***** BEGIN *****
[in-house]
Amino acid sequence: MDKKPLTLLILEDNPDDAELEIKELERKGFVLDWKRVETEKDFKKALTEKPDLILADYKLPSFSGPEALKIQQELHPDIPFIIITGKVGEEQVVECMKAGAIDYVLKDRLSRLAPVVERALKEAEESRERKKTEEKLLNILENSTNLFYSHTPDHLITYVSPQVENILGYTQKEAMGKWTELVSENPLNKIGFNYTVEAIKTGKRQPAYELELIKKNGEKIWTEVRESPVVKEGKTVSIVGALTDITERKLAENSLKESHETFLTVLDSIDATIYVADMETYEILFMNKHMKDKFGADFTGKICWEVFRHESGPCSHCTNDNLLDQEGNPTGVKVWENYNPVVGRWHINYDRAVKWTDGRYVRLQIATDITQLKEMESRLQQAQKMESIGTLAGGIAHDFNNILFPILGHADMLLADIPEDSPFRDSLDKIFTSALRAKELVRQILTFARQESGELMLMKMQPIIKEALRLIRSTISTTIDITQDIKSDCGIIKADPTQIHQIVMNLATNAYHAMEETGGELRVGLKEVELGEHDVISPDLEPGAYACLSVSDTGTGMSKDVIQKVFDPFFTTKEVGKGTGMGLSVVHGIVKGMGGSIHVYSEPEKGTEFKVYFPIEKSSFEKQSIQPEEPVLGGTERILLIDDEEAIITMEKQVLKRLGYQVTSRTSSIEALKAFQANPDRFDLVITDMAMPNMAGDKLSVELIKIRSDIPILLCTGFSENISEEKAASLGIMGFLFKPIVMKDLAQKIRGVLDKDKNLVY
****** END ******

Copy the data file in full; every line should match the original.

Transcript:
[in-house]
Amino acid sequence: MDKKPLTLLILEDNPDDAELEIKELERKGFVLDWKRVETEKDFKKALTEKPDLILADYKLPSFSGPEALKIQQELHPDIPFIIITGKVGEEQVVECMKAGAIDYVLKDRLSRLAPVVERALKEAEESRERKKTEEKLLNILENSTNLFYSHTPDHLITYVSPQVENILGYTQKEAMGKWTELVSENPLNKIGFNYTVEAIKTGKRQPAYELELIKKNGEKIWTEVRESPVVKEGKTVSIVGALTDITERKLAENSLKESHETFLTVLDSIDATIYVADMETYEILFMNKHMKDKFGADFTGKICWEVFRHESGPCSHCTNDNLLDQEGNPTGVKVWENYNPVVGRWHINYDRAVKWTDGRYVRLQIATDITQLKEMESRLQQAQKMESIGTLAGGIAHDFNNILFPILGHADMLLADIPEDSPFRDSLDKIFTSALRAKELVRQILTFARQESGELMLMKMQPIIKEALRLIRSTISTTIDITQDIKSDCGIIKADPTQIHQIVMNLATNAYHAMEETGGELRVGLKEVELGEHDVISPDLEPGAYACLSVSDTGTGMSKDVIQKVFDPFFTTKEVGKGTGMGLSVVHGIVKGMGGSIHVYSEPEKGTEFKVYFPIEKSSFEKQSIQPEEPVLGGTERILLIDDEEAIITMEKQVLKRLGYQVTSRTSSIEALKAFQANPDRFDLVITDMAMPNMAGDKLSVELIKIRSDIPILLCTGFSENISEEKAASLGIMGFLFKPIVMKDLAQKIRGVLDKDKNLVY